Ray Mala was the first non-white actor to play a leading role in a Hollywood film
ANCHORAGE – A campaign kicked off Tuesday night for Ray Mala, the first non-white actor and the first Alaska Native to star in a Hollywood film.
The film was “Eskimo,” which won the first Academy Award for editing and was shot in Alaska. People packed the theatre at Cyrano’s Tuesday for a screening of the movie and to learn about the effort to get Mala his star on the Walk of Fame.
“It’s not gonna be a no-brainer,” said Ron Holmstrom, the Alaska representative to the Screen Actors Guild. “It’s gonna take some work on all our parts as Alaskans coming together on this.”
It costs $30,000 to get a star today, and Holmstrom said Mala would probably have his star already if it hadn’t been for censorship created in the motion picture industry when the actor was in his prime.
“Mala had previously been a leading man with white leading ladies,” Holmstrom explained to the crowd. “Well, the Hays Office said, ‘We can’t have that. We can’t have these beautiful white women working with guys that aren’t white.’”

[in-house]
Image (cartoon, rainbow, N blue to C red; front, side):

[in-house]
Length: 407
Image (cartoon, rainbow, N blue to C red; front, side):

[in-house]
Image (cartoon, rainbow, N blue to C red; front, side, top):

From that point on, Mala’s career as a movie star fizzled out. He turned to camerawork and acted in smaller roles.
“If not for that huge misstep, in the Golden Age of Hollywood, his star would probably already be there,” Holmstrom said.
Mala’s grandson, Ted Mala Jr., was present, along with author Lael Morgan. Morgan wrote a book about Mala’s life and was the catalyst for the campaign.
“I think the family had thought about it, but without a book he’d been gone so long,” Morgan said. “But when the book came out, we thought we had a real possibility.”
The campaign kickoff was intended to coincide with Alaska Native Heritage month, according to Ted Mala Jr. The application is due in May and the campaign momentum will pick up early next year, he said.
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